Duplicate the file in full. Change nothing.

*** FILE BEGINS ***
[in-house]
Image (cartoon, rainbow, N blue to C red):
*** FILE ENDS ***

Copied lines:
[in-house]
Image (cartoon, rainbow, N blue to C red):